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Mental health services offer hope and healing


Our men’s shelter is often the last safety net for our homeless guests.  They have hit the lowest point in their lives and are there for a reason.  They have a story.   Jason Citty, licensed social worker and addiction specialist, knows this all too well.  He counsels these men several times a week in our shelter, and provides support and guidance so that the men can get back on their feet.

This past year has been unlike any other in recent history.  Those who have shelter, food, and jobs have suffered the effects of covid-19-- how much more so have those who experience homelessness and poverty.  Poverty alone creates tremendous stress.  Add to that the isolation covid-19 has produced, and you have a recipe for anxiety, depression and hopelessness.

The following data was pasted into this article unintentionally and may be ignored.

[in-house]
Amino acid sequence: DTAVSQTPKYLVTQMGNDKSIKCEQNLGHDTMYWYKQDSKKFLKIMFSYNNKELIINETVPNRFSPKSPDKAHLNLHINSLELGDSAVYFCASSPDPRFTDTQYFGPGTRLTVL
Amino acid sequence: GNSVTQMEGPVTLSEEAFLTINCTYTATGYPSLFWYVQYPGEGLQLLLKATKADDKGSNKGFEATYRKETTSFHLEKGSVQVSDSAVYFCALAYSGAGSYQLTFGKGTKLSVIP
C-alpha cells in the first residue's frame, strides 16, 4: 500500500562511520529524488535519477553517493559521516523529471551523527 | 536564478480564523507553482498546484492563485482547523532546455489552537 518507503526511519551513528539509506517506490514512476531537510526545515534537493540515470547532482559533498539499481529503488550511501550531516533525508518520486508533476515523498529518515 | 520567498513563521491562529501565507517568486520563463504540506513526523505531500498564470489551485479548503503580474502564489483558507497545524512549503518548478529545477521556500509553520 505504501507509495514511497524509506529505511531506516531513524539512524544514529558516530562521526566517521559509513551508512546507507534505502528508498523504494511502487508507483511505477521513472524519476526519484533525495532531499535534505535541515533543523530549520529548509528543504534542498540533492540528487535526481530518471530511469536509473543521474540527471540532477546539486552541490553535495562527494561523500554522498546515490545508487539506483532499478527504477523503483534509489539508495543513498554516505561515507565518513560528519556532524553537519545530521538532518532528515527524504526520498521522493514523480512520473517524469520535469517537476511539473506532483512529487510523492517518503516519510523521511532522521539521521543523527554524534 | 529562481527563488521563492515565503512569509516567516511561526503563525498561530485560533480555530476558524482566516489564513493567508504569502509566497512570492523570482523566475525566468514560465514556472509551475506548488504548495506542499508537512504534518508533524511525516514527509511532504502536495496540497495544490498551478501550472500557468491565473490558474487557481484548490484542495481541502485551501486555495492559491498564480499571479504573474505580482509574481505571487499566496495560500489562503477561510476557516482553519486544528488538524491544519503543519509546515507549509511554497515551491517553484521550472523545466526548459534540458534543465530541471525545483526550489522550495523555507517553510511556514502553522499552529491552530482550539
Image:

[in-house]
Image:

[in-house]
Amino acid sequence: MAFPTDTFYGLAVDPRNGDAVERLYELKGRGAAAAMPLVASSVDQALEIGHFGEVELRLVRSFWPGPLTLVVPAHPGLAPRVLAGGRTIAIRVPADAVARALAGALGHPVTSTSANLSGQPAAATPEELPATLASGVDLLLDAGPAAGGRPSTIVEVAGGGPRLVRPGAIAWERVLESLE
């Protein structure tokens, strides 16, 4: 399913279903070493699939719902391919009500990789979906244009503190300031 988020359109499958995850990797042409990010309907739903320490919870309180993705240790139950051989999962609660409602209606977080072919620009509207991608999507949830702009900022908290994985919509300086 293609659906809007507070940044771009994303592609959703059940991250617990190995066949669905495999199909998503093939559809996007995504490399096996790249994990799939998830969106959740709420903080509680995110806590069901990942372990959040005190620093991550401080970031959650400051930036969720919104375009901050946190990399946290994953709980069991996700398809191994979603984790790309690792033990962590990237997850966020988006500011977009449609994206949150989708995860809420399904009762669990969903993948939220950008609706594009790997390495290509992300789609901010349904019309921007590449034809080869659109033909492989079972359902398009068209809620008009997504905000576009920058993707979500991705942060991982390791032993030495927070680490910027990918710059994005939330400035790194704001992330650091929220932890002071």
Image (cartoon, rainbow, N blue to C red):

That’s where Open Door Ministries comes in.  When our guests do not have to worry about their next meal or shelter over their heads, they can focus on their mental health.  Jason uses cognitive behavioral therapy to help the men see things differently.  He says behaviors come from thoughts, and so he encourages them to believe in themselves.  He says if they feel empowered, it goes a long way toward recovery.

Jason spends roughly one hour per week with each shelter guest.  It is immersive, which he says is unique (versus an office environment).  This is their home.

When asked what he would do if he could wave a magic wand, Jason said he would provide work and stable housing for all the men.  He said they thrive most when they have a job, which is empowering and provides the greatest hope.

We are grateful for Jason’s invaluable services to our shelter residents.  When they know they have a friend—someone to talk to and someone to lean on—they can move forward in hope and equipped with skills to carry them through life’s journey.